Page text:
“Surely a pretty woman never looks prettier than when making tea.” ~ Mary Elizabeth Braden (Lady Audley’s Secret)
I’ve been having fun looking at late 19th and early 20th century paintings depicting people drinking or serving tea. Most of the subjects are beautifully decked-out, in-the-garden or fancy-sitting-room women who seem to have all the time in the world.
I love imagining their intimate conversations — secrets shared, pride in their children, juicy gossip. I also like the women taking tea alone in quiet contemplation, and covet the lovely tea sets and table settings.
I had to look harder for male subjects, since when it comes to tea drinking in fine art, women reign supreme. What would the great artists of the world do without us to sit for them? It’s not easy lounging about and looking gorgeous all the time. :)
Hope you enjoy these different settings, social and cultural contexts, and thinking about how the ritual of sharing tea fosters a special brand of intimacy. It’s always fascinating to try to read different personalities via facial expressions and posturing. Since there are so many good tea paintings out there, it was hard to pick just 40. Each of these tells a wonderful story.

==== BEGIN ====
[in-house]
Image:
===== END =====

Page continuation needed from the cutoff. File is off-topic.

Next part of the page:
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If any of you art buffs know interesting backstories about any of these paintings, or have other favorite tea paintings, please share in the comments.
Regarding Mary Cassatt’s “Lady at the Tea Table”: the subject is Ms. Cassatt’s mother’s cousin, Mrs. Robert Moore Riddle. The painting was completed in 1885, but put away because Riddle’s daughter objected to the size of her mother’s nose. Almost 20 years later, the painting was finally shown in Paris, where it caused a sensation.
Which one of these paintings would you most like to step into? I have an overwhelming desire to play with that adorable dog in Kilburne’s “Tea for Two.” And isn’t Burgess’s “Five O’clock” woman rather haughty? :)
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This post is being linked to Beth Fish Read’s Weekend Cooking, where all are invited to share their food-related posts. Make a fresh pot of tea and visit all the blogs to see what’s on the menu this week. Enjoy!
Copyright © 2014 Jama Rattigan of Jama’s Alphabet Soup. All rights reserved.